OF ALL THE Obama administration’s efforts to beef up financial regulation, none is more controversial than the creation of the Consumer Financial Protection Bureau (CFPB). To foes, CFPB is a menace to free markets; to supporters, it is the scourge of financial rip-off artists.
Republicans blocked the appointment of populist Elizabeth Warren as the agency’s first director and tried to block President Obama’s next choice, Richard Cordray. When Mr. Obama used his recess-appointment power to install Mr. Cordray three months ago, he did so at a rally in swing-state Ohio, telling the crowd there that Mr. Cordray’s “job will be to protect families like yours from the abuses of the financial industry.”
So it’s notable that consumer organizations are expressing disappointment with one of Mr. Cordray’s first major regulatory actions. Last week, he announced that the CFPB would propose a rule broadly favorable to banks that issue credit cards with low credit limits, high interest rates and stiff fees. These cards, marketed to people with impaired credit, have long been criticized by consumer advocates, who call them “fee harvesters.”
As far as we can tell, though, Mr. Cordray is trying to follow the law. A 2009 statute bars credit-card issuers from charging fees exceeding 25 percent of a card’s credit limit — say, $75 on a $300 card — during the account’s first year. Last year, the Federal Reserve, which had regulatory authority prior to the CFPB, interpreted the law as also banning “processing” fees charged prior to account activation, which was the method used by a South Dakota company, First Premier Bank, that claims 20 percent of the market for high-fee, low-limit cards.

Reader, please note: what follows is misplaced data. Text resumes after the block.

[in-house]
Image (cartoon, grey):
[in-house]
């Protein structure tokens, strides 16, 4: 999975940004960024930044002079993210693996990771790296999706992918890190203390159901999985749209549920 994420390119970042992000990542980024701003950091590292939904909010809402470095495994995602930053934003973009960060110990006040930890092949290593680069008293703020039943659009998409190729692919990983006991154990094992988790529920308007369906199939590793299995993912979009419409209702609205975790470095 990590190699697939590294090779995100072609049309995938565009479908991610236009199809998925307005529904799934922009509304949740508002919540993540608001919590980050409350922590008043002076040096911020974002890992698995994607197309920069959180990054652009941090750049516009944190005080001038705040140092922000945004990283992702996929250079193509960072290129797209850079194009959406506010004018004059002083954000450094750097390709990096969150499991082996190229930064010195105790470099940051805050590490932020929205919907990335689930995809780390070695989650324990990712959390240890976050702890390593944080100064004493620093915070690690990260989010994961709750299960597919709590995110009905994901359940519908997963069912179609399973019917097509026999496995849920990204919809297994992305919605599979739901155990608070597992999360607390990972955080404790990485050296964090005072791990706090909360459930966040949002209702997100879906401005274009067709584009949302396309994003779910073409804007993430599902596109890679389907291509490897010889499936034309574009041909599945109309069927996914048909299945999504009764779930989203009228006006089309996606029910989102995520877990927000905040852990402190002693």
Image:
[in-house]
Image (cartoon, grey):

But First Premier sued, and in September a federal judge in South Dakota ruled in its favor, finding that “nothing in the plain language of the statute” supported a ban on pre-activation fees. Mr. Cordray’s decision implies that he believes the ruling is well-founded. The public has until June 11 to comment on CFPB’s proposed rule allowing banks fees prior to the opening of an account.
Undoubtedly, high-fee, low-credit-line cards offer customers an expensive way of borrowing not much spending money. Equally certainly, a high percentage of those who accept these offers default, ending up with nothing but collection notices and further impairment of their credit ratings.
In its lawsuit, First Premier acknowledged that its customers fail to pay back “more than 40 percent” of what they owe — about 10 times the charge-off rate on all cards, according to Moody’s. So it’s understandable that consumer advocates decry such products. Surely, many consumers might be better off with alternatives such as debit cards or secured credit cards.
Nevertheless, credit cards are a near-necessity of modern life — a prerequisite for hotel reservations and car rentals. For some customers, there might be no alternative to a high-fee card but a payday lender or the local pawn shop. And for those who can afford to buy this modest extension of credit and then stay current on the subsequent payments, a “fee harvester” card may be the first step toward a restored credit rating and lower borrowing costs later on.
Both sides in this debate make claims that are plausible in theory but unsupported by systematic data. The CFPB and the public could benefit from definitive studies on the financial and social impact of these cards. In addition to its rule-making authority, the CFPB has broad information-gathering powers. This is an opportunity to use them.